FLINT (AP) — Allies of Democrat John Kerry in this
down-on-its-luck industrial state are armed with depressing
statistics on unemployment and poverty, hoping to persuade voters
to blame President Bush for the hit on their pocketbooks.

In Michigan, 6.6 percent of workers are unemployed, with the
strain sharpest in communities that have suffered plant closings
and manufacturing cutbacks as jobs moved overseas.

There is widespread anger, spreading into conservative areas,
that Bush is not doing enough to keep those jobs at home or help
the poor.

“There’s a lot more they could be doing rather than
fattening the rich man’s pocket,” said Michael Rucker,
who was fired from his job at a packing plant.

As Rucker stood in line for help at a state work force
development office in Flint, several cars circled its expansive
parking lot, waiting for a space to open.

“I thought Bush was doing pretty good, but when you
don’t have a job, that makes a difference,” said Chuck
Westerfeld, as he smoked a cigarette outside the building.

Westerfeld said he makes ends meet by doing odd jobs but needs
one with benefits because his girlfriend is pregnant.

He isn’t sure who he’ll vote for in November.

Kerry plans to discuss his ideas for creating jobs during a
visit to the state Friday, with particular emphasis on the
manufacturing sector that has sent jobs abroad.

Republican Rep. Candice Miller, chairwoman of Bush’s
Michigan campaign, acknowledged that the state economy needs to
improve to give Bush a boost.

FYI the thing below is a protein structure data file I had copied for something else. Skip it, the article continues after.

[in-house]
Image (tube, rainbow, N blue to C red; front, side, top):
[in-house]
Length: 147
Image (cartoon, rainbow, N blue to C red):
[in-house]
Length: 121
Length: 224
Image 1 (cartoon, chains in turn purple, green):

Economists predict improvement in coming months, she said, and
January’s 6.6 percent unemployment rate was down a full
percentage point from December.

“If the economy goes south, that’s not a good thing
for my guy,” Miller said. “But if the economy gets
good, that’s a bad thing for the Democrats.”

Miller said Bush doesn’t have to win the state, but that
Kerry must to win the presidency.

In 2000, Democrat Al Gore narrowly defeated Bush in Michigan,
one of more than a dozen battleground states Bush and Kerry are
targeting for the general election in November.

Other key states, including Ohio, Pennsylvania and Missouri,
also are suffering economically.

In 2000, Michigan’s annual unemployment rate was below the
national average, at 3.5 percent compared to 4 percent.

After Bush, the rate crept upward, as did the nation’s,
and stood above 7 percent for the last seven months of 2003.

January’s 6.6 percent rate was a full point higher than
the national rate of 5.6 percent.

Poverty also is higher. Under President Clinton, the number of
residents receiving public assistance steadily decreased to 589,000
in 2000, from 1 million in 1992. That number is now at 910,000.

A survey last month by Lansing-based EPIC/MRA showed that a
majority of Michigan voters gave Bush negative ratings on the
economy in every region of the state. Only 38 percent rated
Bush’s handling of the economy as excellent or good, compared
to 61 percent who said it was fair or poor.

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